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Jay Rubinstein

I make wooden mobiles, designed to be as light as possible to enable them to move easily. Most, though not all, have been in response to an image in a poem or a story. I'm excited when shown a new idea or way of looking at a familiar object and particularly when a striking image is accompanied by some deeper significance. I want my mobiles to be beautiful but also to carry some sense of meaning for the onlooker.

Images of Studio

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About My Practice

I like my work to challenge the viewer with multiple perspectives. I’m constantly exploring the ways in which mobiles enable a single shape to represent different things depending on viewpoint or distance. Sometimes, images appear and disappear as the air takes the piece. There is even, occasionally, a surprise for me as the final piece moves in ways beyond my intentions.

Every stage of making the mobile involves exploration and decisions, some of which need to be reversed at a subsequent stage. The colours produced by various timbers, the shapes it is possible to make and the shapes it is possible to suggest, the stringing of the pieces and the movement available in the final piece all require deliberation and experiment.

Occasionally I find the right technique or shape at the first attempt. More often I don’t. Even when making a mobile closely allied to a previous one, I will find myself modifying and developing it. Unfortunately, this sometimes means discarding and burning early experiments when they don’t measure up. Probably the necessity of giving up on a piece when it isn’t suitable or good enough is one of the most important things I’ve learned over the years.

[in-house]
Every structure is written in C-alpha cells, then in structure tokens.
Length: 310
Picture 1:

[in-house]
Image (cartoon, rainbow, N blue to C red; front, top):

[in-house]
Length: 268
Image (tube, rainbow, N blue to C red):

Tools & Materials

The materials I work with are almost exclusively natural veneers (slices of wood less than 1mm thick). This means a limited colour palette and many challenges when trying to represent shapes with compound curves. Gluing layers of veneer over curved forms, under a vacuum press produces light, strong shapes with minimal wastage. I had a brief experience with the technique when training as a cabinet maker over 40 years ago at the London College of Furniture.

The work I’m doing now is somewhat removed from the craft of furniture making but I try to keep to the same standards of work and finish as far as possible.

Examples of work

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Studio

42

Address

West Kirkcarswell House, Dundrennan, DG6 4QW

Facilities

Parking Spaces: 4

Accessibility

Price Range

£70
– £2,400

Contact Info

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